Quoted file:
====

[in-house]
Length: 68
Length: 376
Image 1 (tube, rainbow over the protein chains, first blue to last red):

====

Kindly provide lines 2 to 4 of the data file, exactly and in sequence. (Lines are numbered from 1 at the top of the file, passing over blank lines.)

Length: 68
Length: 376
Image 1 (tube, rainbow over the protein chains, first blue to last red):